Tag Archives: selfie

Credit: Pixabay.

Selfies destroy confidence and make young women feel less attractive

Credit: Pixabay.

Credit: Pixabay.

Selfies are a paradoxical millennial fad: everyone seems to hate them but almost everyone takes them. There’s a been a lot of talk in the media about the humble selfie, which was even added to the Oxford dictionary. But are they harmless, or potentially damaging to our psyche, as some studies have suggested?

One recent study found that there may be some reason for concern. According to psychologists at York University in Canada, selfies make women feel “more anxious, less confident, and less physically attractive afterward compared to those in the control group.”

*Snap* I feel awful

More than 95% of college students use social media. Women, however, use it much more frequently than men and have been found to spend more time updating, managing, and maintaining their personal profiles.

Study after study has linked social media use to depression, anxiety, and all sorts of feelings of inadequacies about one’s appearance. But such studies spot correlations, not causal relationships. It could be, for instance, that depressed individuals or those suffering from anxiety spend more time on social media and obsesses more over their online persona than other people.

However, the new study published in the journal Body Image is so carefully designed that it suggests social media really does have a significant influence on a person’s behavior — and not the other way around.

The researchers enlisted 113 Canadian women aged 16-29, who they assigned randomly to one of three different conditions. Each participant was given an iPad, which they used while seated in a private space.

In the “Untouched Selfie” condition, the young women had to take a single photo of themselves and then post it on their Facebook or Instagram profile. In the “Retouched Selfie” group, the participants could take as many selfies as they wished and were also allowed to use a photo editing app before posting their favorite selfie. In the control group, the women were tasked with reading news articles about travel locations. That was it — no selfies, no social media.

Mean change in anxiety as a function of condition. Credit: Body Image.

Mean change in anxiety as a function of condition. Credit: Body Image.

Mean change in confidence as a function of condition. Credit: Body Image.

Mean change in confidence as a function of condition. Credit: Body Image.

Mean change in feelings of physical attractiveness as a function of condition. Credit: Body Image.

Mean change in feelings of physical attractiveness as a function of condition. Credit: Body Image.

Women in both selfie-posting groups reported increases in anxiety and feeling less confident than the control group. They also felt less attractive after posting the selfie, regardless of whether or not they could retouch the photo. What’s more, the seemed to be no positive psychological effect following selfie posting on social media.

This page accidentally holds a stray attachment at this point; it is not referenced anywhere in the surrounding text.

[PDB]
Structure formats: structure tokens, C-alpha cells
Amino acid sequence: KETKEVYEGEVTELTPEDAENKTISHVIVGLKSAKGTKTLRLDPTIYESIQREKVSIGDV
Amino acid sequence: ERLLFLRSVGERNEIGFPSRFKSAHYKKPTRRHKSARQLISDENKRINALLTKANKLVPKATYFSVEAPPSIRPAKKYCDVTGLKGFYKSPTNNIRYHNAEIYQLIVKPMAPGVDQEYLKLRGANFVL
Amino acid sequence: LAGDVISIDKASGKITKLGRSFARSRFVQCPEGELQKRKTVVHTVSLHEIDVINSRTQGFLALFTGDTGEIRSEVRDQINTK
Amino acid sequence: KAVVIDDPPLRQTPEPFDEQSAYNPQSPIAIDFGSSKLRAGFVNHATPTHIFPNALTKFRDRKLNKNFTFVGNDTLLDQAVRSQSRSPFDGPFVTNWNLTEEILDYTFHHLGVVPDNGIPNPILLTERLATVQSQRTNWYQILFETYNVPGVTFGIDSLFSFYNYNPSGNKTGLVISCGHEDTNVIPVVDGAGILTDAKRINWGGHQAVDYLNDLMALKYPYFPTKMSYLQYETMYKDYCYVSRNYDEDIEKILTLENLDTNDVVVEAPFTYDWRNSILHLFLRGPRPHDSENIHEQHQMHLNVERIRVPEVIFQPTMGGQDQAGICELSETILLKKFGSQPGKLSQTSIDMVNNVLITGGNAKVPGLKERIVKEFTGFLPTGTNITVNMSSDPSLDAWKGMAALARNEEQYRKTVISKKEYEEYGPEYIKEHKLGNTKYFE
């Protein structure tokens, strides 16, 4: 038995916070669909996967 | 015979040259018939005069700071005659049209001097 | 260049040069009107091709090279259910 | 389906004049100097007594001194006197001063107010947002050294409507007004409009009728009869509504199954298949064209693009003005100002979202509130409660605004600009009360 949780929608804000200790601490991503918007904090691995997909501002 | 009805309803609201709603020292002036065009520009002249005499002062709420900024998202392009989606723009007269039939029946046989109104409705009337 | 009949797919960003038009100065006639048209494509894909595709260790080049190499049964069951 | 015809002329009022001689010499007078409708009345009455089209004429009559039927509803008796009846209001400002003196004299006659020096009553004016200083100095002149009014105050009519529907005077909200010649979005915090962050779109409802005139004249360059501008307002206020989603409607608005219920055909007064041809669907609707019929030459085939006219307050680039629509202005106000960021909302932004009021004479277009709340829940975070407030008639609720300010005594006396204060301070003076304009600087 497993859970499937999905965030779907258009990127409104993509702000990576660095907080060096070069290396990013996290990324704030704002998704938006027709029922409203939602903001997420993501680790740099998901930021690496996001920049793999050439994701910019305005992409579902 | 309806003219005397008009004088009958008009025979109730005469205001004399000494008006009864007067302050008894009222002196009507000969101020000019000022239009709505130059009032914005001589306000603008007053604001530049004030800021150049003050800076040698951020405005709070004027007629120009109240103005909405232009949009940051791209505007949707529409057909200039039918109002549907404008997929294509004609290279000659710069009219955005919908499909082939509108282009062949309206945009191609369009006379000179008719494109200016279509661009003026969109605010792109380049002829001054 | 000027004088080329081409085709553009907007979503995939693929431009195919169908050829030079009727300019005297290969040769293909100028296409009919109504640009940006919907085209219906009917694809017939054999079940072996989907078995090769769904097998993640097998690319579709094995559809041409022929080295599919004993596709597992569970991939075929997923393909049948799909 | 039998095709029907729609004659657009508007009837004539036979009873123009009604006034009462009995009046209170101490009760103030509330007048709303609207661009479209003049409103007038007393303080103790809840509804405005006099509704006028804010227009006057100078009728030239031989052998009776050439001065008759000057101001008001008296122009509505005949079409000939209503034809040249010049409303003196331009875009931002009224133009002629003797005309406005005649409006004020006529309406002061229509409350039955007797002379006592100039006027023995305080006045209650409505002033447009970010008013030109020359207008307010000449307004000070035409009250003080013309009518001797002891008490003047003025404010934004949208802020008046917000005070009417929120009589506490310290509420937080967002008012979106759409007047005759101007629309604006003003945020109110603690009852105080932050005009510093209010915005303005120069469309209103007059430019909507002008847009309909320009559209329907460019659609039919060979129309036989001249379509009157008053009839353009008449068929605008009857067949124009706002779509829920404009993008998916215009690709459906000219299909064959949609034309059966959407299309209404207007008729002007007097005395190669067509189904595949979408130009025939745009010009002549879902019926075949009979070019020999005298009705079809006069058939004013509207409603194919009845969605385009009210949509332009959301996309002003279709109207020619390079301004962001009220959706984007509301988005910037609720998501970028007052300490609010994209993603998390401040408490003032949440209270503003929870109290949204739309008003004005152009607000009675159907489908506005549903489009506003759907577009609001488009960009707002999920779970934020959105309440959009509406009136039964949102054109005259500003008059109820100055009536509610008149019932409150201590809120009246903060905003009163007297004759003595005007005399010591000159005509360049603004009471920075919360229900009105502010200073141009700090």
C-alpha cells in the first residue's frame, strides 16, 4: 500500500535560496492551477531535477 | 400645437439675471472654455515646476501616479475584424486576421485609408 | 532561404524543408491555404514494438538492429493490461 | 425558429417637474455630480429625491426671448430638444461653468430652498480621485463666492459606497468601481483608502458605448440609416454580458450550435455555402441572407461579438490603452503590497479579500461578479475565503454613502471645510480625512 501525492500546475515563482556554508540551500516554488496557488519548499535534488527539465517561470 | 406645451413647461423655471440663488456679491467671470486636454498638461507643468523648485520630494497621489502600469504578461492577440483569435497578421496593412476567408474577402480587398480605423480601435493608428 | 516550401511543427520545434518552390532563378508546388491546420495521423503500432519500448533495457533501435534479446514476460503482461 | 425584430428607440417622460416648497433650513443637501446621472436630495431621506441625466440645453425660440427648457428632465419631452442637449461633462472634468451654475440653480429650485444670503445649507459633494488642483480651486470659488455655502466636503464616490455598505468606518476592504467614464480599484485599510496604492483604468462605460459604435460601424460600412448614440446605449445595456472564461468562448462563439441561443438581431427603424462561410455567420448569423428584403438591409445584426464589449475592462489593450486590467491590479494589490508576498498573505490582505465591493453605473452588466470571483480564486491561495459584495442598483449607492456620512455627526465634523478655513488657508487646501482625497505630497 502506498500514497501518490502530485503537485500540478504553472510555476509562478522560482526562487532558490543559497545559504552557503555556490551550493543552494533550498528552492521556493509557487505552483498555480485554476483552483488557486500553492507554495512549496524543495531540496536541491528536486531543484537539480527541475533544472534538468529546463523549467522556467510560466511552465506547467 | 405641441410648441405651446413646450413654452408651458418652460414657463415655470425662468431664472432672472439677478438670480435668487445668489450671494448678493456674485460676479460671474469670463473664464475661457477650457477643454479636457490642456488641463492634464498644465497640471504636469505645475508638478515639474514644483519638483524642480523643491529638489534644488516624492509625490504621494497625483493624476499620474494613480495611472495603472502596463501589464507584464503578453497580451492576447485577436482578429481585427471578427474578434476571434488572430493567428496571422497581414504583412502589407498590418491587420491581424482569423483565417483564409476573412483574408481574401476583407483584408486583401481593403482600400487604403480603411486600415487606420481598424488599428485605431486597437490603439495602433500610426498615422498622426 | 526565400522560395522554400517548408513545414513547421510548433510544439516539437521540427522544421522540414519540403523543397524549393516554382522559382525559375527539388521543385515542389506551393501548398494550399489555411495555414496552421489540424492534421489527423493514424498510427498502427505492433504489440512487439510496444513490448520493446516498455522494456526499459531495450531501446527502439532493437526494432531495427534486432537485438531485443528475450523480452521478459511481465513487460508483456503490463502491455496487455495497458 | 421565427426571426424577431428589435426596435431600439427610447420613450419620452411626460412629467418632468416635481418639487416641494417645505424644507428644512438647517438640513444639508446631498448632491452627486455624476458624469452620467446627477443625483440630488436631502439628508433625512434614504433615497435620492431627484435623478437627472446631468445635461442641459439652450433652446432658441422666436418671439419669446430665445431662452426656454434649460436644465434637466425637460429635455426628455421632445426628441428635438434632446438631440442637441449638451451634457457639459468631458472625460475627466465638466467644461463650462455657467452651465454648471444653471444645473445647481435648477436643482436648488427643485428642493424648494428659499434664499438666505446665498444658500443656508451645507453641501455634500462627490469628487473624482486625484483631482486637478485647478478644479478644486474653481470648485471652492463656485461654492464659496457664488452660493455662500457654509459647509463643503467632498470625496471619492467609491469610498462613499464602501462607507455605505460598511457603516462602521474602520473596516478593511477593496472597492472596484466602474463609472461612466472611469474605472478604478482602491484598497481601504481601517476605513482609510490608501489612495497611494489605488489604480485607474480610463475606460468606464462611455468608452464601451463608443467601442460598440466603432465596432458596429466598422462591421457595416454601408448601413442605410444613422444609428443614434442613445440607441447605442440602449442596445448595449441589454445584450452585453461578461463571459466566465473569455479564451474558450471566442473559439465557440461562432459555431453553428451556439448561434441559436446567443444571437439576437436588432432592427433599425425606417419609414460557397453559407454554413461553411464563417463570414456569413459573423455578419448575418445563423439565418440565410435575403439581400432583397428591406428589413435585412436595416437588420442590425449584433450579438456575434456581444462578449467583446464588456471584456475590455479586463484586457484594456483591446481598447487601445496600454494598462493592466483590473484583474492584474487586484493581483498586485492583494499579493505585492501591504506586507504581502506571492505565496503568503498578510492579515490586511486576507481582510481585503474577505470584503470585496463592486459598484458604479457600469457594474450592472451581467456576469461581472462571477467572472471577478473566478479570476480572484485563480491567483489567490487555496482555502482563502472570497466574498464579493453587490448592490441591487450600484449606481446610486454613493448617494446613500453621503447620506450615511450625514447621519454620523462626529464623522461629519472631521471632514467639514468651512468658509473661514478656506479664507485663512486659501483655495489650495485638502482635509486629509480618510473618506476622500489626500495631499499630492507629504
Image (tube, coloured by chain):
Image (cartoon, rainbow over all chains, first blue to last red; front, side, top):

The main takeaway here is that, for most people, no matter how much we try to put on our best face for social media, it may never feel good enough. The feeling of constant scrutiny can make many people feel inadequate and unconfident about their appearance, as this study shows. So, perhaps those who post too often on Facebook or Instagram might want to dial it back — for the sake of their own’s self-esteem.

“This is the first study to show experimentally that selfie posting on social media is harmful in terms of young women’s mood and self-image. Being able to retouch or modify their photo did not result in women feeling better about themselves after posting a selfie to social media. Future research should look at the longer-term effects of posting photos of oneself on social media, which is an increasingly common aspect of contemporary media use,” the authors of the study concluded.

Curiosity selfie.

Curiosity’s taking selfies as Opportunity braves the storm

While Opportunity is beset by the worst Martian dust storm we’ve ever seen, Curiosity is busy taking selfies.

Curiosity selfie.

Image credits NASA/JPL-Caltech/MSSS/Kevin M. Gill, via Kevin M. Gill / Flickr.

Last week, we’ve told you about the massive dust storm that’s battering Mars and the hapless Opportunity rover. The solar-powered bot is in danger of freezing to (electronic) death, as its solar panels can’t generate any charge in the night-like conditions inside the dust. The venerable rover (already 15 years old) shut down most activity on June 10 to conserve battery charge.

Meanwhile, on the other side of the Red Planet, NASA’s Curiosity is enjoying a leisurely life complete with the selfies to show for it.

The fortunate son

“The storm is one of the most intense ever observed on the Red Planet,” NASA said in a statement last week. “As of June 10, it covered more than 15.8 million square miles (41 million square kilometers) – about the area of North America and Russia combined.”

“It has blocked out so much sunlight, it has effectively turned day into night for Opportunity, which is located near the center of the storm, inside Mars’ Perseverance Valley.”

In a twist of martian irony, the storm isn’t nearly as intense half a planet away from Opportunity. While the dust storm’s effects can still be felt there, the sunlight is enough for solar panels to generate energy. A twist of irony because Curiosity, which is currently roving about Mars in this area, doesn’t really need the light — it’s powered by a nuclear reactor.

The car-sized rover first landed on Mars in 2012, and, unlike its older cousin, relies on plutonium-238 instead of solar cells for energy. It’s currently camping in the Gale Crater, a 96-mile-wide valley that researchers once believed housed a giant lake.

Also unlike its older cousin, Curiosity seems to be having a whale of a time. NASA recently released some selfies it beamed back Friday, showcasing the rover’s activity on Mars, while Opportunity braves the storm.

The images were taken with an instrument called the Mars Hand Lens Imager. This instrument — probably the most expensive selfie stick humanity ever produced — is a robotic arm that sports a camera. It can’t capture all of Curiosity in one shot, however, so it sent back several — around 200 images. Over the weekend Kevin M. Gill, a NASA software engineer who likes to process spacecraft photos in his spare time, collaged all the images together into a single panorama.

The final image shows Curiosity and its Martian surroundings, including a rock the rover drilled and a smattering of orange dust.

Curiosity drill.

Curiosity, the rock it drilled (lower left), and the resulting dust (the lower middle bit of the image).
Image modified after NASA/JPL-Caltech/MSSS/Kevin M. Gill, via Kevin M. Gill / Flickr.